Conservative groups label LGBT protections proposed in Austin as

Conservative groups label LGBT protections proposed in Austin as #BantheBibleBills

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LUBBOCK, Texas -

Democrats have more control in the Texas Legislature than they have had in years.

With this increased influence, a number of bills have been introduced that aim to create protected classes for the LGBTQ community. 

"I think any of us, just being human I believe we have the right to be protected," said Ann Akin, Assc. Pastor at St. Johns UMC. 

Ann has not always supported the rights of the LGBTQ community.

"When I was in college I told my very best friend, his name was Tom, and I told him that if he was gay, he was going to hell," she said. "Not long after that I got a call from a mutual friend of ours, Sally, and she said that Tom had been hospitalized the night before in an attempt to commit suicide."

In Tom's letter, Ann was one of the two people named as the reason he tried to take his life.

"The two people that he was closest to, being his mother and me, he knew would never accept him."

Little did she know, some years later her son, Cameron, would come out.

"He came out when he was a junior in high school. Fortunately he had grown up with parents that he knew would accept him and he grew up at St. Johns, a church which he knew accepted him. Even with that, I should say, he said that coming out to us was the hardest thing he had ever done."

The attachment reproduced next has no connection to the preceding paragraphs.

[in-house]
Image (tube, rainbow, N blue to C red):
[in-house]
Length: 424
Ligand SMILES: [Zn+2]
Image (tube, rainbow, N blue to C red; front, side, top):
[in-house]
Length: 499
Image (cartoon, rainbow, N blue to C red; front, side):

She often says that when people come out, they are often ostracized and isolated. She said conservative family groups are not helping matter when they opposed legislation that would protect LGBTQ individuals from discrimination.

"I feel like people that are the most vehemently opposed, I think it's out of fear."

Nicole Hudgens, Senior Policy Analyst with Texas Values, the group opposing these bills proposed in Austin, said she is more fearful of her rights being protected as a Christian. 

"This legislation would criminalize Christians who hold on to biblical beliefs that marriage is between one man, one woman and that sex is determined by biology," Hudgens said. "So these bills would include criminal punishments, Class A misdemeanors, fines and disciplinary actions from the state government."

There are eight pieces of legislation that Hudgens and Texas Values have labeled as "Ban the Bible Bills":

HB 244 by Rep Farrar, HB 254 and HB 188 by Rep. Berenal, HB 517 by Rep. Israel, HB 850 by Rep. Johnson, SB 151, SB 154, and SJR 9 by Sen. Rodriguez.

The bills essentially establish protective classes for LBGTQ individuals, protecting them from discrimination.

"These bills aren't taking bibles out of peoples offices but what they are telling business owners and individuals that are serving their community is that your biblical beliefs aren't welcome and you can be punished for holding on to those biblical beliefs," Hudgens said. 

Akin said the bible teaches otherwise, though, and these groups are missing the point of loving each other.

"Jesus just says that we love," Akin said. "So do we put law above love or do we put ostracizing people over including people. Do we make it us and them? Do we make anybody feel like those people or that person."

She said the efforts by groups such as Texas Values do little more than molest what the bible says.

"It's taking the bible and using it as a weapon, not using it as a means of peace or a means of grace or a means of reconciliation."

Hudgens said more than 23,000 people have signed on opposing the "Ban the Bible Bills."

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